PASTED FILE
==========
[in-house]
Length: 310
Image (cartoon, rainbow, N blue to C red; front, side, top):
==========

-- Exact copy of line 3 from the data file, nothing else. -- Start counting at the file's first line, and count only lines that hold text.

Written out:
Image (cartoon, rainbow, N blue to C red; front, side, top):